OneSpan Sign How To: Create a Callback Event Notification Listener in Go

Haris Haidary,

In a previous blog, I went over how to create and send a package using the Go programming language. Staying in the same vein, I will show you how to create a simple callback event notification listener in Go.

The Code

If you don’t already have Go installed, you can download it from the official website, here. In order to receive callback event notifications, you will need a publicly accessible URL to hit and work. Your localhost server on its own will not. Ngrok is a very simple and easy to use tool that creates a secure tunnel on your local machine along with a public URL you can use for browsing your local site. This saves you the trouble of deploying your web application. The complete example code is available on our Developer Community Code Share. Let's get started. In your favorite text editor, create a new file named "listener.go" and save it in a location of your choice. You can go ahead and copy the code below. I will go over it down below.

package main

import (

func handleEventNotification(w http.ResponseWriter, r *http.Request) {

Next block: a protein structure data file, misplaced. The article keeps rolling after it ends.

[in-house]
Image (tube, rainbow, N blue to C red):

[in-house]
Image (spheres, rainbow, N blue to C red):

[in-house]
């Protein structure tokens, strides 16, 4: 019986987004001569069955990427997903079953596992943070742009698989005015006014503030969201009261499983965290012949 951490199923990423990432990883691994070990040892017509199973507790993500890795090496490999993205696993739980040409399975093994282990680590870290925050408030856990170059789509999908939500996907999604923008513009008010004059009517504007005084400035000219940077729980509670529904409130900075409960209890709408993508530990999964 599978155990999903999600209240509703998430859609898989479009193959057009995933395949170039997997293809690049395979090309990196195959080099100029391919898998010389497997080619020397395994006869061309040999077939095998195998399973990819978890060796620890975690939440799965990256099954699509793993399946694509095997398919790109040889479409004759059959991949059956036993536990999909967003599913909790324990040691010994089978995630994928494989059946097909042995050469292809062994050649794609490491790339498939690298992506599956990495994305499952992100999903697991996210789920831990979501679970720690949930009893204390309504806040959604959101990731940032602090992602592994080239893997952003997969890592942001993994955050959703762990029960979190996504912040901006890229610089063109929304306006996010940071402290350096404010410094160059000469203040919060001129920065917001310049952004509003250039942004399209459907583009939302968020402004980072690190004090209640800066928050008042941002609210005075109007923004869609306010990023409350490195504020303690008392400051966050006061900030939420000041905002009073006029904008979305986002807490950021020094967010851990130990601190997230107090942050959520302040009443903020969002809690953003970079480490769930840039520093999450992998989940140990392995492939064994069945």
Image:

_, err := io.Copy(os.Stdout, r.Body)
	if err != nil {

func main() {
    log.Println("Starting server...")
	http.HandleFunc("/event", handleEventNotification)
	log.Fatal(http.ListenAndServe(":4567", nil))

In the main() function, the http requests to the path /event are handled by the http.HandleFunc library using the handleEventNotification function.

The http.ListenAndServe line starts a new webserver on localhost:4567. It is important to note that http.ListenAndServe can return an error, so it wrapped around log.Fatal() in such situations.

In my example, I simply copy the JSON content to stdout using the io.Copy method (i.e. print the JSON payload to the terminal console).

Running Your Code

Open your command prompt and change the current directory to the location where you saved your "listener.go" file. Then, enter the following lines:

go build listener.go

Then, in a new command prompt window, change the current directory to the location when you saved your ngrok executable file and enter the following line:

ngrok http 4567 -host-header="localhost:4567"

Finally, login to your OneSpan Sign account and browse to the Admin page. Enter in the "Callback URL" field the URL to your callback listener (i.e. and register for the "transaction complete" event. Finally, create, send, and complete a test package. You should be able to view the JSON sent by OneSpan Sign printed in the command prompt window.

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If you have questions regarding this blog or anything else concerning integrating OneSpan Sign into your application, visit the developer community forums: That's it from me. Thank you for reading! If you found this post helpful, please share it on Facebook, Twitter, or LinkedIn.

Haris Haidary
Junior Technical Evangelist
LinkedIn | Twitter

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